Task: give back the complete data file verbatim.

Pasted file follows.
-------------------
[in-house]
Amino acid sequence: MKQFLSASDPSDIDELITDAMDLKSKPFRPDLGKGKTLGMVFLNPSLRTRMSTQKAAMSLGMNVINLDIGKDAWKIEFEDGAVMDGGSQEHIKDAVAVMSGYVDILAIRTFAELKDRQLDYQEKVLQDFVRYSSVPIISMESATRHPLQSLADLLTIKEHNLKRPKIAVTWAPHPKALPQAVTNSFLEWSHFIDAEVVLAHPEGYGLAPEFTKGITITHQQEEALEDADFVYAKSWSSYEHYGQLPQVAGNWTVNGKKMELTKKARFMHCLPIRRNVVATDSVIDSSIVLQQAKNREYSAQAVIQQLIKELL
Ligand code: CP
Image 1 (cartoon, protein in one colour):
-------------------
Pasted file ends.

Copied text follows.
[in-house]
Amino acid sequence: MKQFLSASDPSDIDELITDAMDLKSKPFRPDLGKGKTLGMVFLNPSLRTRMSTQKAAMSLGMNVINLDIGKDAWKIEFEDGAVMDGGSQEHIKDAVAVMSGYVDILAIRTFAELKDRQLDYQEKVLQDFVRYSSVPIISMESATRHPLQSLADLLTIKEHNLKRPKIAVTWAPHPKALPQAVTNSFLEWSHFIDAEVVLAHPEGYGLAPEFTKGITITHQQEEALEDADFVYAKSWSSYEHYGQLPQVAGNWTVNGKKMELTKKARFMHCLPIRRNVVATDSVIDSSIVLQQAKNREYSAQAVIQQLIKELL
Ligand code: CP
Image 1 (cartoon, protein in one colour):